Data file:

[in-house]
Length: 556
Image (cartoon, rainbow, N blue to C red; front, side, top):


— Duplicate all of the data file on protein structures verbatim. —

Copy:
[in-house]
Length: 556
Image (cartoon, rainbow, N blue to C red; front, side, top):